From cathedrals to cubicles, people go to great lengths and expense to design their living and working environments. They want their spaces to be places where they enjoy being, reflecting who they are and what they care about. The resultant environments in turn become loud, albeit unvocal, leaders for people occupying those corresponding spaces. The design and use of work and living spaces typifies and thematizes expectations for the group. Essentially, the architecture of rooms, buildings and cities creates cultures by conveying explicit and implicit messages. This is evident when people approach and walk into St. Basil’s Cathedral in Moscow, the Forbidden City in Beijing, the Sydney Opera House in Sydney, Australia, the Jewish Museum in Berlin, or the Rothko Chapel in Houston, to name some examples.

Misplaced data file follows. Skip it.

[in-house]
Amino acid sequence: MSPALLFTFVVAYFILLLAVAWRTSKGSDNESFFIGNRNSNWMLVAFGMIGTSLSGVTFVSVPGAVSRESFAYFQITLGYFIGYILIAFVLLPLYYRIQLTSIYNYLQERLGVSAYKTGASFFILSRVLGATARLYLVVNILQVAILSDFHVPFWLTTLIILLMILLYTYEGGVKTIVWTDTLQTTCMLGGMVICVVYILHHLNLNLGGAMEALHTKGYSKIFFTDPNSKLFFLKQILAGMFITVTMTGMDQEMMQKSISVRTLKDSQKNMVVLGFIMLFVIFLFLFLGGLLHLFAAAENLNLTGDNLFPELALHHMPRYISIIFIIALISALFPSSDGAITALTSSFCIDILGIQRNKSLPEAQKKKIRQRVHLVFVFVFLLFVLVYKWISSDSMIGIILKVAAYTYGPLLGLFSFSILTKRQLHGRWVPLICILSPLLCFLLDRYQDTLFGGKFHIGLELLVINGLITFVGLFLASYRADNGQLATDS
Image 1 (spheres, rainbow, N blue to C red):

While leaders oftentimes lack the resources to have their spaces mirror the greatest architectural achievements of the world, they are in a position to use the art and science of architecture, at whatever scale is available, to their advantage. The creative and intentional use of space and place advances and promotes cherished values and enhances organizational effectiveness. This book explores the essence of good architecture and establishes relevant connections for leaders and managers to strategically design and use the organizational workplace and space to support their mission and purpose, and create aesthetically meaningful work environments. It equips leaders to be culturally astute on what defines good architecture and to incorporate principles of beauty in their leadership practices accordingly and will be of interest to researchers, academics, professionals, and students in the fields of leadership, organizational studies, and architecture theory and practice.